Do you ever bother with signed editions? I’m not talking about being lucky enough to meet an author in person and getting them to sign it. I’m talking about those books that are already signed and, most likely, cost a little bit more than the usual hardback. I try not to care and will normally only bother with signed books by authors I really love. Of course, there may be an occasion when the signed edition is cheaper on Waterstones than the unsigned. In that case, I’ll definitely go for it but, really, I don’t see the point. If it’s not personalised, it’s just a bit meaningless, right? It’s not as I expect them to become investment pieces that I’ll hand down to my children. Nor am I showing them off to everyone I know. The signature is just a thing that exists and makes very little difference to my life. Why am I banging on about this? I pre-ordered the hardback signed copy of Come Again but it has sat on my shelf since April 2020. I do this all the time and I don’t know why I never learn. I am so desperate to get certain signed editions but then let them languish on my shelf. I definitely have a problem.
I read and really enjoyed Robert Webb’s memoir How Not To Be A Boy. It was a funny, emotional and insightful book about his life. It dealt with big issues surrounding gender and wasn’t afraid to get personal. He had a way of writing that just drew you into his world. His use of words made even the more complex or emotional aspects of his life easier to digest. I couldn’t wait to see what his first attempt at fiction would be like. I was expecting it to be funny, original and charming. I have to admit that it sounded a little too much like a twee romantic comedy for my liking but I was willing to give it a chance. I never really believed that one half of Mitchell and Webb would ever go down the cliched route.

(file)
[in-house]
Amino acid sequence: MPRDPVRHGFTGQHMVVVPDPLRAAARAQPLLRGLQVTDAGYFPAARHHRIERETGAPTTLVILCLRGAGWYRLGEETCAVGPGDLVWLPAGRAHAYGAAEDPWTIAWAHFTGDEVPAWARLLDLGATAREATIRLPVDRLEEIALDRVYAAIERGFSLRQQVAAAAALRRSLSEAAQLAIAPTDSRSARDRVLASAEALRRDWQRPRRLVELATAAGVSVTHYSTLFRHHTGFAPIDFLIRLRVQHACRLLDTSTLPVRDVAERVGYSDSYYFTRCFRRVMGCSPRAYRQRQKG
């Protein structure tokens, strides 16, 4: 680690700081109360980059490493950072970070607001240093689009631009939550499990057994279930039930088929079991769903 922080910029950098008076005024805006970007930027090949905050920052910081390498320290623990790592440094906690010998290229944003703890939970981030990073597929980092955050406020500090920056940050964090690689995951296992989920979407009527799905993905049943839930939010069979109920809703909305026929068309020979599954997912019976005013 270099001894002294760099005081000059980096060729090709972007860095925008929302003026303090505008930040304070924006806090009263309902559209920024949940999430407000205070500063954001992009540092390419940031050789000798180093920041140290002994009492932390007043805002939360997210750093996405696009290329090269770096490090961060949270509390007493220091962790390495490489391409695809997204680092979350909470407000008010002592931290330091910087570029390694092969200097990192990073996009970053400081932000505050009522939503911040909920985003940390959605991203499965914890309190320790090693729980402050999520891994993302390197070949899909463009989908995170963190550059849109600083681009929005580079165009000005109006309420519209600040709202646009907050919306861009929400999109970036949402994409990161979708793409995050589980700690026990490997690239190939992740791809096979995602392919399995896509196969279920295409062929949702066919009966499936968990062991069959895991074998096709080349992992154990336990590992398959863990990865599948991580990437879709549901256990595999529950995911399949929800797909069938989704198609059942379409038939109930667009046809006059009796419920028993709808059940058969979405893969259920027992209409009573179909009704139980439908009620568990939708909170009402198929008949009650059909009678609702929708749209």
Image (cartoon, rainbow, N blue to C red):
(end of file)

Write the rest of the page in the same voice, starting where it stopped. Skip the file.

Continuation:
Going by the synopsis alone, you’d think that Come Again was a fairly simple time travel narrative. It’s been about a year since Kate’s husband, Luke, died. It turned out that in the 10,000 days that they knew each other, Luke had a tumour slowly growing in his head. Nobody knew it was there until it was to late. Without her love, Kate’s not doing a great job of keeping it together and is ready to give up on life altogether. Until she wakes up in her 18-year-old body on the morning that she first met Luke. With the chance to relive those moments, Kate sees her chance to save the man she loves. But a lot has changed in the previous decades. Kate is a different person and so was Luke. How will she cope when she comes face-to-face with the teenager he used to be? Though her body is that of an student, her mind belongs to a woman in her 40s. A woman who can see through all of Luke’s flirtations and pretentions. When she has the chance to experience her relationship again, will she even want to?